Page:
Jeff Anderson writes in the New York Post:
Above all else, the coming election is about ObamaCare.
Democrats wish it were about the economy. Polls show that voters still blame the downturn more on President George W. Bush than on President Obama or the Democratic Congress. Sure, the Democrats haven't turned the economy around, but things also haven't gotten markedly worse. How could they face historic losses over an economic situation that voters think they inherited more than they created?
It's this point -- sensible in a vacuum -- that presumably has led The New York Times to maintain across months -- and as late as last week -- that if House races simply kept leaning the way they were leaning, the Democrats would hold Congress. The Times' prognosticators couldn't fathom why anything else would so anger voters, so they assumed that the Democrats would survive.
That was a fantasy. The Democrats have lost independents. The latest Rasmussen generic congressional-ballot poll shows independents favoring Republicans over Democrats by (gulp) 17 percentage points. And Republicans are motivated, while Democrats aren't. According to American University researcher Curtis Gans, in this year's primaries, GOP turnout surpassed Democratic turnout for the first time since the Hoover administration -- and by a wide margin: 57 percent to 43 percent.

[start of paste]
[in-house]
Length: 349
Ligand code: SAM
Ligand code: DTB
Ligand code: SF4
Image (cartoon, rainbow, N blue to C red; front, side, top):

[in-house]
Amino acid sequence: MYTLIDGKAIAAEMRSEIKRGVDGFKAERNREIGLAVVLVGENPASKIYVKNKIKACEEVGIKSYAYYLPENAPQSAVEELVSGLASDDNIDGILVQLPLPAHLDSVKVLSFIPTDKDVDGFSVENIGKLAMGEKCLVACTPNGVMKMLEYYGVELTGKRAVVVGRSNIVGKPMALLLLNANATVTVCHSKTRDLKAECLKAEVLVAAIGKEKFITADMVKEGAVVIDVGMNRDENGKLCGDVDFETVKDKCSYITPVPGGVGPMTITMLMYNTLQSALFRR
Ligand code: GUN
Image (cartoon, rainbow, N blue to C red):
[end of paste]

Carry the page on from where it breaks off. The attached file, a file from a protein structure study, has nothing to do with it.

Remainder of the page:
What could be generating such a historic enthusiasm gap between the parties while also causing so many independents to jump ship from the Democrats? Federal spending, federal debt, federal indifference to popular desires -- all of which is captured in one word: ObamaCare.
Whole thing here.